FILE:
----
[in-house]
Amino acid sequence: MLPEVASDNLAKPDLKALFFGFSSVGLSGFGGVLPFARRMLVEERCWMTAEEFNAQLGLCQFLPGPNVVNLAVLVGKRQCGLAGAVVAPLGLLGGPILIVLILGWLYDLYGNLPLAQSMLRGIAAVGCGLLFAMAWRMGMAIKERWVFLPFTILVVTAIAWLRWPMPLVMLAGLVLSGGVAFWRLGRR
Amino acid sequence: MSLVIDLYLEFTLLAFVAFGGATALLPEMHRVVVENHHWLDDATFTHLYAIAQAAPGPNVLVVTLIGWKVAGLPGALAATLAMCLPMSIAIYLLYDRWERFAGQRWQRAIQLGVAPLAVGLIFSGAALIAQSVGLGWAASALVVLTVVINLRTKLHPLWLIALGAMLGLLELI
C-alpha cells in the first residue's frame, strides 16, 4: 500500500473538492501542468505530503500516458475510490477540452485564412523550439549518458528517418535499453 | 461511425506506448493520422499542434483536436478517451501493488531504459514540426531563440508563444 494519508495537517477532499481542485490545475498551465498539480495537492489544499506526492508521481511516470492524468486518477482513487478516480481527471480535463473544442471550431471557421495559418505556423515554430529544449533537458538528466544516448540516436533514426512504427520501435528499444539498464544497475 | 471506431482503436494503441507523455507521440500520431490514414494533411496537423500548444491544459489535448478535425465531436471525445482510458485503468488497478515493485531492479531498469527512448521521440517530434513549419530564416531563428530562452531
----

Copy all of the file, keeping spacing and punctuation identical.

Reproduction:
[in-house]
Amino acid sequence: MLPEVASDNLAKPDLKALFFGFSSVGLSGFGGVLPFARRMLVEERCWMTAEEFNAQLGLCQFLPGPNVVNLAVLVGKRQCGLAGAVVAPLGLLGGPILIVLILGWLYDLYGNLPLAQSMLRGIAAVGCGLLFAMAWRMGMAIKERWVFLPFTILVVTAIAWLRWPMPLVMLAGLVLSGGVAFWRLGRR
Amino acid sequence: MSLVIDLYLEFTLLAFVAFGGATALLPEMHRVVVENHHWLDDATFTHLYAIAQAAPGPNVLVVTLIGWKVAGLPGALAATLAMCLPMSIAIYLLYDRWERFAGQRWQRAIQLGVAPLAVGLIFSGAALIAQSVGLGWAASALVVLTVVINLRTKLHPLWLIALGAMLGLLELI
C-alpha cells in the first residue's frame, strides 16, 4: 500500500473538492501542468505530503500516458475510490477540452485564412523550439549518458528517418535499453 | 461511425506506448493520422499542434483536436478517451501493488531504459514540426531563440508563444 494519508495537517477532499481542485490545475498551465498539480495537492489544499506526492508521481511516470492524468486518477482513487478516480481527471480535463473544442471550431471557421495559418505556423515554430529544449533537458538528466544516448540516436533514426512504427520501435528499444539498464544497475 | 471506431482503436494503441507523455507521440500520431490514414494533411496537423500548444491544459489535448478535425465531436471525445482510458485503468488497478515493485531492479531498469527512448521521440517530434513549419530564416531563428530562452531